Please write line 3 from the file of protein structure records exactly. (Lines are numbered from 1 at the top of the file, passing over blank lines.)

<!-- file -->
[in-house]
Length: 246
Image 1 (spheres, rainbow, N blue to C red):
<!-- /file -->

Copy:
Image 1 (spheres, rainbow, N blue to C red):